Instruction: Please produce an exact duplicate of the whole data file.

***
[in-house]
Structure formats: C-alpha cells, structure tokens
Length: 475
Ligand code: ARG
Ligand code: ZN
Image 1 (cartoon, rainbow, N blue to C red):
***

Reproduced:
[in-house]
Structure formats: C-alpha cells, structure tokens
Length: 475
Ligand code: ARG
Ligand code: ZN
Image 1 (cartoon, rainbow, N blue to C red):